Got questions? Ask them. Can’t figure out if your idea is on theme? I’m here to help. How will PCs derail this module? Let me tell you the ways. Your Director and your fellow writers are a resource for you – especially because you’re all under NDA together, so you’ve got some ready-made peers just for you to work and hash out ideas with. I’m a big fan of digital “writer’s rooms” where everyone has a chance to hash out their ideas and concepts before writing them down and submitting them. Without a doubt, it creates a more coherent and successful end product than without. As a freelance writer, it’s easy to cloister yourself without any communication and the only feedback you receive is when you get your edits back. But in reality, the best way to hone your craft is to share it with your peers.
Your players won’t see your writing, but they will see the results. Taking the time to communicate and make sure the writing will produce a better end product will result in the modules that players talk about for years to come.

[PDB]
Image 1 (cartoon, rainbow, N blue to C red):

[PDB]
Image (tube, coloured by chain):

Deadlines are King
Even if you are the most flexible and communicative of Goldilocks writers, if you don’t meet your deadlines, I can guarantee I will be less inclined to hire you. LARP is deadline driven and if you’re unable to meet those commitments, then the value of all that effort you’ve put in is moot. Personally speaking, I am more apt to hire a writer who has work that needs help if they meet their deadlines every single time. That means you’re committed to me, so I’ll be committed into improving your craft too. It’s a two way street of improvement and I’m happy to help you if you make my job easier. It’s as simple as that.
Ultimately, I feel genuine excitement about the future of Dystopia Rising and my game with these changes. I’m excited to help create more Game Writers in the world and finally be able to share the amazing stories that many of you have to share. I’ve already received some great writing from completely unexpected places – and if you want to give it a shot, check out your local game’s writer submissions too!